Indie Review: Oxenfree

Amy Gildert takes a look at Night School Studio's indie gem.

Amy Gildert
20th November 2017
Image: IGDB.com

Oxenfree is a wonderful coming of age story, which utilizes a choose your own adventure dialogue system to truly involve you in the creepiness of the story. You play as a young girl named Alex, as she and her friends spend the night camping on a local island. The interactions with these friends initially establishes the tone of a teen film, until they venture into a cave with a radio that picks up signals from stations that don’t exist. From that point on, the game dances with supernatural elements that become increasingly disturbing as the story progresses.

From the beginning to the end of the game, the player gets to choose what Alex says almost all of the time, meaning that the script is 1,800 pages long. This makes you an active participant in the game and immerses you in the story. The downside to this freedom of dialogue however, is that in order to mimic the realism of real speech you are never given very long to read through your options, and the moment you decide which option to say, Alex will cut off the other character in a decidedly nonrealistic way. But for the most part at least, the dialogue manages to capture the realistic feel of a conversation between friends.

Oxenfree’s design alone is reason enough to want to play this game.

Oxenfree’s design alone is reason enough to want to play this game. A huge emphasis is placed on the background art, to the point where the characters only take up a very small fragment of the screen. The backgrounds are all stunning, most often done in muted shades that work well with the lighting design. The sound design is an essential feature in creating that sense of creepiness that develops in the game, and you can tell while playing that the developers placed just as much importance in the sound as they did with the aesthetics. Like a film, the music fits perfectly with each scene, and the noise of tuning Alex’s radio is strangely satisfying, effectively building the unsettling static and humming noises to mirror the drama. At later points in the story, the layering of voices provides an additional sense of creepiness that had me switching on all the lights in the room.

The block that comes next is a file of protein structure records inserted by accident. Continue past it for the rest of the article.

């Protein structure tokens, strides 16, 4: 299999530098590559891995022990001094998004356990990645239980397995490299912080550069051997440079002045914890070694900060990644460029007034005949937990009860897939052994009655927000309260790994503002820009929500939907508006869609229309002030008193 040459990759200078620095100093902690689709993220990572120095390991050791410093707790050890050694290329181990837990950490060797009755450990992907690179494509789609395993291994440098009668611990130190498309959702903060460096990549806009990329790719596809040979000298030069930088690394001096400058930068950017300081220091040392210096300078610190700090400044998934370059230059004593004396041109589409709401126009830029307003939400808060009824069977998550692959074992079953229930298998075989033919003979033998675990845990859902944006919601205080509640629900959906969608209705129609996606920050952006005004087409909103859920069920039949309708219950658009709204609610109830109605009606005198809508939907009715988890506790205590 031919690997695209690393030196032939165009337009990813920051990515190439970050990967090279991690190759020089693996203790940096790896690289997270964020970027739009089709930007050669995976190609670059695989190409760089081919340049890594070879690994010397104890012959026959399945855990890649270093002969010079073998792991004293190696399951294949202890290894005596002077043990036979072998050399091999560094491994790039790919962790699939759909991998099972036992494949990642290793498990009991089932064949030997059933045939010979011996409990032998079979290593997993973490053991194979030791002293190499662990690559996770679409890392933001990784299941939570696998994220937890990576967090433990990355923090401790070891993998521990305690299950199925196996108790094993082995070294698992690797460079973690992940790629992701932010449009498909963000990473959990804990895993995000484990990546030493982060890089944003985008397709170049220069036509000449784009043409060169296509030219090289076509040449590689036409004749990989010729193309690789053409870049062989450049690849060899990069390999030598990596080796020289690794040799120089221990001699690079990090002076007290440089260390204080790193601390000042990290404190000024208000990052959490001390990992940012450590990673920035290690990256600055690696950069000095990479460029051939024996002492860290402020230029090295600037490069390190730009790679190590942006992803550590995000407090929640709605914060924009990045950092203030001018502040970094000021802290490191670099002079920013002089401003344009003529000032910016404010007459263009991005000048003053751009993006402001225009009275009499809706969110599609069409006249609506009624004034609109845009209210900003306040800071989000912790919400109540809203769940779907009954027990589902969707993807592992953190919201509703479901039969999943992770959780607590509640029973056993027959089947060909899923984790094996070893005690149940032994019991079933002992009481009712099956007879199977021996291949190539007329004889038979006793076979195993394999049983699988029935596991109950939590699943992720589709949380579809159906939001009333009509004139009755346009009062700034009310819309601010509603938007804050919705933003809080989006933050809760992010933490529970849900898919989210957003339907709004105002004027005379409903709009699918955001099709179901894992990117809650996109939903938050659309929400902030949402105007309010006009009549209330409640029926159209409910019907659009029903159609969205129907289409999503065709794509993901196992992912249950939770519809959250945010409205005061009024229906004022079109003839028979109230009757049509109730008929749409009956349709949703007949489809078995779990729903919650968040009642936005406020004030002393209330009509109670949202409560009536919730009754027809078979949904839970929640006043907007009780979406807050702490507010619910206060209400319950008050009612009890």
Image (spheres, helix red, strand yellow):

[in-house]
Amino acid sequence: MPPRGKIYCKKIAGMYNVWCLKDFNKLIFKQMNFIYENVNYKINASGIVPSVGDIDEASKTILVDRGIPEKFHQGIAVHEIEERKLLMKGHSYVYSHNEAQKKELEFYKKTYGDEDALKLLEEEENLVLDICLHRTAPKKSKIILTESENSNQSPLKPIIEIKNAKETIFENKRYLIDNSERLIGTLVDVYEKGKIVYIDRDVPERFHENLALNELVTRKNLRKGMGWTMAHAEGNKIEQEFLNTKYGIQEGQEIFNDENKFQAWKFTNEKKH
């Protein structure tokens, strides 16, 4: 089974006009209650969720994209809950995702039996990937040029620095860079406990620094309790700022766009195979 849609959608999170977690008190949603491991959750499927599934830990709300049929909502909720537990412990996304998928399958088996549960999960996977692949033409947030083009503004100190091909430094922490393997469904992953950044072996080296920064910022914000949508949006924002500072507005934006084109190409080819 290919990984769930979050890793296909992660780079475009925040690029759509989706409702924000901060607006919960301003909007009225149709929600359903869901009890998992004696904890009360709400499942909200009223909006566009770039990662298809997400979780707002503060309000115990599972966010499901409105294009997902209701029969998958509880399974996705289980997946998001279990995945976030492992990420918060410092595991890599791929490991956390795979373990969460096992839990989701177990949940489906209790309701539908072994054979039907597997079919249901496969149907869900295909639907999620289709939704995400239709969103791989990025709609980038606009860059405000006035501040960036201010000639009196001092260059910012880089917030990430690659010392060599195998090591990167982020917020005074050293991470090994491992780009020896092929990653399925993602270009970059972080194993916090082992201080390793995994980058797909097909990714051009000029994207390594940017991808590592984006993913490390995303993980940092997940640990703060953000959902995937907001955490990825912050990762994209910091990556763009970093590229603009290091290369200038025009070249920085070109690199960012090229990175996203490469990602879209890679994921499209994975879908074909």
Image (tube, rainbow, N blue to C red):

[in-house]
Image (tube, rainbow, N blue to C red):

While the design aspects of Oxenfree make it stand out, there were a few aspects of gameplay that fell flat. There’s a series of optional collectable letters in the game that aid in the telling of the story, but the game does not do a good job of explaining this or helping you traverse the island to find them. Some of the letters were so confusing to find that I had to progress in the story without them, meaning that I felt I didn’t have the full picture. There were also times where I would have appreciated a closer view of the characters rather than continually showcasing the background design, no matter how pretty it is.

In my playthrough, I found there is a difference between a valiant ending and a happy ending.

In my playthrough, I found there is a difference between a valiant ending and a happy ending. However the beauty of this game is the variety of different endings you can have depending on your actions throughout the game. Oxenfree is not a fast paced game, and there aren’t a lot of puzzles to solve. But what it does have is a compelling story that will leave you wondering once the credits roll.

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